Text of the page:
They give stress the bootiStock/opolja
Your state of mind affects your health, so it’s no surprise that being stressed out can downshift your immunity, making it difficult for your body to fight off a cold. In a landmark study from Ohio State University, researchers found that during exam period, college students produced fewer natural killer cells, which fight tumors and viral infections; they nearly ceased production of immunity-boosting gamma interferon; and their infection-fighting T-cells responded only weakly to test-tube stimulation. What’s more, when you’re under pressure, you’re more likely to adopt unhealthy coping behaviors—such as drinking too much coffee or eating junk food—that further lower your immunity. When you feel a cold coming on, your immune system kicks into high gear to fight it, but stress hinders that process. To counter the effects of stress, doctors try to grab as much shut-eye as they can and make efforts to get a handle on their stress, whether they go for a run, listen to music, meditate. Read more about effective ways to de-stress.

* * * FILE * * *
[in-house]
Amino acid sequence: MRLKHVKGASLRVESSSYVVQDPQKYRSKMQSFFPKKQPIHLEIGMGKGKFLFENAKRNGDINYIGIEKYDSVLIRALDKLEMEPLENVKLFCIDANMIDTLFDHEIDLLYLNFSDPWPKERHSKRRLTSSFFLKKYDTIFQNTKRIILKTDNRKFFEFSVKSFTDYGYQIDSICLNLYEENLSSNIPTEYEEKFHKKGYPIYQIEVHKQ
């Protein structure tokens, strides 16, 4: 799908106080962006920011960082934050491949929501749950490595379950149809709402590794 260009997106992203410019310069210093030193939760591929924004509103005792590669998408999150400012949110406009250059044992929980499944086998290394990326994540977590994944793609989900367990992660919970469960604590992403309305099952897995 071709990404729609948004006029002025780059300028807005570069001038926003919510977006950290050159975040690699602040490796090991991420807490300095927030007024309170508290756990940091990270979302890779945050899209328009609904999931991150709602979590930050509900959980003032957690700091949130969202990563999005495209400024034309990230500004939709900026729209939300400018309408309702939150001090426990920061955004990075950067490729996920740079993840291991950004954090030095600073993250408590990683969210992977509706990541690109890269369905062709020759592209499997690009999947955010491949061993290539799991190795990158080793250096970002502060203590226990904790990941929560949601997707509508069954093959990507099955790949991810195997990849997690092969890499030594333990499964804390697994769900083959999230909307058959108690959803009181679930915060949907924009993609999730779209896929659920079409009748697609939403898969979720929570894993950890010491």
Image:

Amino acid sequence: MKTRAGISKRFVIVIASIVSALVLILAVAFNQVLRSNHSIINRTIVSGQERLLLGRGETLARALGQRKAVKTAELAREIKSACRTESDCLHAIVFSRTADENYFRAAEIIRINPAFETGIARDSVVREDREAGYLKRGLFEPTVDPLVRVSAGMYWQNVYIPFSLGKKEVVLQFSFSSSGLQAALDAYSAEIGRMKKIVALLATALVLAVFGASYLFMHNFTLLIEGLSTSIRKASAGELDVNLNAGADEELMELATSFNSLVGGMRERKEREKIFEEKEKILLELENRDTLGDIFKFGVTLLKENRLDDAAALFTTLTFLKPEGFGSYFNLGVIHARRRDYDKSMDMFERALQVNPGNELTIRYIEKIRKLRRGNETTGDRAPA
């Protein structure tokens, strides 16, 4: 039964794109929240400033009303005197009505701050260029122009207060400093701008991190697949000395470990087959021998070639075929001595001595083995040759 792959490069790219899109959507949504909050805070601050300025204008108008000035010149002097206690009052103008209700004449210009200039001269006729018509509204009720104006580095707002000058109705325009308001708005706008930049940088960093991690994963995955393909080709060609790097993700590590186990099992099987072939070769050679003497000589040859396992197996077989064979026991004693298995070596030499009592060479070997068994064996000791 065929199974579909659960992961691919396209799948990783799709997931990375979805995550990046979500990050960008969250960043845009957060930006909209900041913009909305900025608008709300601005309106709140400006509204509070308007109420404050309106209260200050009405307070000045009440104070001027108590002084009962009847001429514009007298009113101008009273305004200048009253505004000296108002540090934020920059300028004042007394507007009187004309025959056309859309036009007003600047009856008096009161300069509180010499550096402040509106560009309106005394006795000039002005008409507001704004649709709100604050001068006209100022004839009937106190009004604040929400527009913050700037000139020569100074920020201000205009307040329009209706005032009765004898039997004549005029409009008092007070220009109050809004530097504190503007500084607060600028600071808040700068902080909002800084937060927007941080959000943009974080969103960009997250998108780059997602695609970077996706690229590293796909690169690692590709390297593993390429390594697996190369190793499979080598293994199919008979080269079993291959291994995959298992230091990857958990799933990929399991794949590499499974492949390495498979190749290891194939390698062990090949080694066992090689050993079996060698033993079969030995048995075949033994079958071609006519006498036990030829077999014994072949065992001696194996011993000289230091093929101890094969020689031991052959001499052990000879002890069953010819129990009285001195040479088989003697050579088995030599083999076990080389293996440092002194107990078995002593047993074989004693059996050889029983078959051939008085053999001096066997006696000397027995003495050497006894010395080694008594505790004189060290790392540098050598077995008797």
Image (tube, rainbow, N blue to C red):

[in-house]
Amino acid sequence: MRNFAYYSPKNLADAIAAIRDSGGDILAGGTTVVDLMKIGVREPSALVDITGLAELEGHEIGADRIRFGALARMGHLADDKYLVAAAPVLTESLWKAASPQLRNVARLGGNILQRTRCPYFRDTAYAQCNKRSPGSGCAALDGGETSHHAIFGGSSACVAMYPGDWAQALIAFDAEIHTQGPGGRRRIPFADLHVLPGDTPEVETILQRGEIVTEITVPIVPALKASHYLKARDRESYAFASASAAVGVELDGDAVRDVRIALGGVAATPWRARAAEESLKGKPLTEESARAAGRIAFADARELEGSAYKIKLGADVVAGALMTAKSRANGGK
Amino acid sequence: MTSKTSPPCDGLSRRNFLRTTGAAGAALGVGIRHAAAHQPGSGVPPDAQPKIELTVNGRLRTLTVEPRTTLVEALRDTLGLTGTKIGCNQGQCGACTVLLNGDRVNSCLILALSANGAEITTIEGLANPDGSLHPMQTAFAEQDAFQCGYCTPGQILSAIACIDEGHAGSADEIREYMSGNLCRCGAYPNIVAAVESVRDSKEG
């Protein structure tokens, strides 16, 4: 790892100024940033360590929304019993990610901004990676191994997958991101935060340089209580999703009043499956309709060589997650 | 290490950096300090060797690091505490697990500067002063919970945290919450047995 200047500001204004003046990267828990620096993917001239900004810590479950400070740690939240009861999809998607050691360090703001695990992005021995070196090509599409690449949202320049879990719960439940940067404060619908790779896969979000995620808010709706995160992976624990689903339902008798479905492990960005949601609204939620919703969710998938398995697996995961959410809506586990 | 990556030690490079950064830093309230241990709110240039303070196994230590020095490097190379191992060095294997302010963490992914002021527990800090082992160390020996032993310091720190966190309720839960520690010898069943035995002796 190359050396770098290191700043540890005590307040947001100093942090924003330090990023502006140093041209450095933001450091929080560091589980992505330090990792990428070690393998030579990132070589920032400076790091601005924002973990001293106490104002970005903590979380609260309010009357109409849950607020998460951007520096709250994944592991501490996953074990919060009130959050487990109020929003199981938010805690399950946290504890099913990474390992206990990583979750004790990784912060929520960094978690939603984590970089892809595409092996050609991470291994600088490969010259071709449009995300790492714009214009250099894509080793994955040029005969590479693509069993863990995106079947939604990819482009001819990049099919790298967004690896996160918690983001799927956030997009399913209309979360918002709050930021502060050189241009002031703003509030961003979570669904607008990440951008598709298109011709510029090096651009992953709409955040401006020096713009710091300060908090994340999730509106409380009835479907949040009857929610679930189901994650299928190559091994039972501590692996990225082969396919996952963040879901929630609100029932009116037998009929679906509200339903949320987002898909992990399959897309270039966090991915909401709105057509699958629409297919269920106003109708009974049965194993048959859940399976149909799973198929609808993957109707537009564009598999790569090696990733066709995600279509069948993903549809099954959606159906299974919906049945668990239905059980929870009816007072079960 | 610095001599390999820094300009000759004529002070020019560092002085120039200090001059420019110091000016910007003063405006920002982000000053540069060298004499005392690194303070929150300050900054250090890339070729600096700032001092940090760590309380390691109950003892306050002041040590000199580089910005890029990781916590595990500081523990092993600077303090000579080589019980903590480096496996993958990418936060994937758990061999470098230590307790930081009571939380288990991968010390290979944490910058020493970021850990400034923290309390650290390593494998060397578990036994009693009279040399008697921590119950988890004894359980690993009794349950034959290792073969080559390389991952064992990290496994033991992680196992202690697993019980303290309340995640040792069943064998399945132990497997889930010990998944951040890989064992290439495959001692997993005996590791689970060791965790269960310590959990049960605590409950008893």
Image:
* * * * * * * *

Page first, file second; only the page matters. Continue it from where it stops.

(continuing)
They head off symptomsiStock/skhoward
As soon as you feel the inkling of a cold coming on, head to the drugstore for some over-the-counter relief. To help with achiness and soreness, take a pain reliever such as acetaminophen or ibuprofin. To clear your sinuses and ease symptoms such as a runny nose and watery eyes, look for decongestants, which will shrink swollen blood vessels and nasal tissue so you can breathe. Or combine the two in a product like Extra-strength Tylenol Sinus or Advil Cold and Sinus. If you tend to get side effects from decongestants—trouble sleeping, feeling jittery—try a nasal spray such as Afrin, but use it for no more than three days to prevent dependency. These are clear signs a cold is coming on.